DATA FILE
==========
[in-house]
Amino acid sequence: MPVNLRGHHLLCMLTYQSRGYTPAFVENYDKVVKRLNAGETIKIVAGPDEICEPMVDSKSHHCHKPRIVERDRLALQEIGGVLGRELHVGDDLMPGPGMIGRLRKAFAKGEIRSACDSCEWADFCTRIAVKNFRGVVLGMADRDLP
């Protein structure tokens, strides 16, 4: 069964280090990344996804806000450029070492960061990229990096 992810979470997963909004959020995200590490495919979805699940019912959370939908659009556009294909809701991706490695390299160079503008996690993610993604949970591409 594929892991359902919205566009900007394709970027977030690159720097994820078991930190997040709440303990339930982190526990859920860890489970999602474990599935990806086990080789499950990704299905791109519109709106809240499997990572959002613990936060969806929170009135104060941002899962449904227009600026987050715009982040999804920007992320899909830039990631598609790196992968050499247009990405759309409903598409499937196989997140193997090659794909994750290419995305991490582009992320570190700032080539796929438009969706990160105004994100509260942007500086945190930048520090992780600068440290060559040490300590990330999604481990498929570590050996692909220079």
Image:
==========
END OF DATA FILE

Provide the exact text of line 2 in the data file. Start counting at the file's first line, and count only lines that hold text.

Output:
Amino acid sequence: MPVNLRGHHLLCMLTYQSRGYTPAFVENYDKVVKRLNAGETIKIVAGPDEICEPMVDSKSHHCHKPRIVERDRLALQEIGGVLGRELHVGDDLMPGPGMIGRLRKAFAKGEIRSACDSCEWADFCTRIAVKNFRGVVLGMADRDLP